Back in 2016, many athletes in the Summer Olympics were caught on camera with bizarre circular blotches on their bodies (swimmer Michael Phelps most famously). The redish marks were the temporary side effect of a pain-management treatment known as cupping, and that exposure in the Olympics made it one of the most trendy therapies at the time for elite-level athletes.
If you’re not familiar, this ancient healing process entails heating bulbs and placing them on areas of the body where pain/soreness is felt. The heat turns the bulbs into suction cups that adhere to the area of the body for 10 to 15 minutes. The theory is that, when these suction cups lift the skin, they also separate the layers of soft tissue directly underneath them—most notably the thin layer of fibrous tissue (fascia) that surrounds your muscles and organs. This separation allows muscles to function more freely and helps improve blood flow. Your blood transports healing agents to injured areas, which helps reduce pain and inflammation and speeds recovery from an injury.
“When you get a normal massage, you’re compressing those layers of soft tissue. Cupping does the opposite,” Golf Digest medical advisor Dr. Ara Suppiah said at the time. Suppiah has been the team doctor for several Ryder Cups and is the consulting physician for many of the game’s top golfers. “Think of it this way: Imagine playing golf in a tight jacket. It really restricts your swing. But then you unzip it, suddenly you feel like you’ve got more room to move.”
At the time, Suppiah said many golfers were getting into cupping as a way to recover faster from round to round and week to week, especially addressing the stiffness felt from overuse of soft tissue. But fast forward seven years, and it’s rarely talked about. This begs the question: Is it still a thing?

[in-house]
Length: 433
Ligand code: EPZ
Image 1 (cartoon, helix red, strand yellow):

Several Golf Digest Certified Fitness Trainers confirm it’s still in use, especially on the pro tours. Golf Digest Chief Fitness Advisor, Ben Shear, says many tour pros do it post-round and typically target the low back (as you might guess). Other top trainers say they use it for a variety of reasons, although it’s not something employed as frequently as other pain-management and mobility-improvement strategies.
“I use them to provide a tactile cue during active mobility exercises,” says Golf Digest Certified trainer Cory Ginther. “Take the targeted cat/camel drill. If I want a patient to focus on actively moving the lumbar spine in this drill and restrict movement in the thoracic spice, I will place one or two cups on the lateral lumbar soft tissue regions so the patient can feel the pressure where they should be flexing/extending through.”
Adds certified trainer Karen Palacios-Jansen, “We use it for recovery to balance out muscles and I think it evens helps elongate them.”
The process, which dates back thousands of years, is somewhat controversial to this day, as there is no scientific proof that it accelerates the natural healing processs. That said, there is plenty of anecdotal evidence to make it something worth looking into if other treatments are coming up short. Dan Swinscoe, a Golf Digest Certified Fitness Trainer, says he uses it in combination with compression therapy such as massage, as “it gives me the best of both worlds.”
Adds GD certified trainer Levi Root, “I still have a couple of my younger pros doing it. I know at least one of them has a self-applied set. I’m wondering if that might be why we don’t hear as much about it. Similar to the way everyone has a Theragun or Normatech for recovery, it’s become something they can incorporate for themselves on the road.”
If you are interested in trying it, here are some things to keep in mind, Suppiah says:
1. Do not cup immediately before you play golf. Only do it on off days or after you play. Why? It can get your muscles so loose, you’ll lose a feel for your swing and your timing will be wrecked. “You won’t feel the top of your backswing and things like that,” Suppiah says. “One tour pro who did it before a round went out and shot 10-over.”
2. Do not cup areas that you’re massaging or foam rolling on the same day. “You can massage a hamstring and cup a quadriceps muscle, but don’t foam roll a hamstring and then cup it, or vice versa. Defeats the purpose.”
3. You can do the cupping yourself, but make sure you buy silicone suction cups. You can get a set of four for less than $30. “If you have general soreness, make sure you put multiple cups on to cover as much of the area as possible,” Suppiah says. “All you need is 10 minutes.”
Click on this link if you’re interested in becoming a Golf Digest Certified Fitness Trainer.
This article was originally published on golfdigest.com